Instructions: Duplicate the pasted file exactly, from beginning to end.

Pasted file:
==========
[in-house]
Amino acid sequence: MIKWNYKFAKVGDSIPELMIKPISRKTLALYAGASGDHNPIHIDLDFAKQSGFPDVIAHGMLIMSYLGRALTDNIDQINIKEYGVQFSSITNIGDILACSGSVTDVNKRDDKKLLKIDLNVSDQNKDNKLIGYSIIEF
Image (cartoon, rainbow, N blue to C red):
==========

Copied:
[in-house]
Amino acid sequence: MIKWNYKFAKVGDSIPELMIKPISRKTLALYAGASGDHNPIHIDLDFAKQSGFPDVIAHGMLIMSYLGRALTDNIDQINIKEYGVQFSSITNIGDILACSGSVTDVNKRDDKKLLKIDLNVSDQNKDNKLIGYSIIEF
Image (cartoon, rainbow, N blue to C red):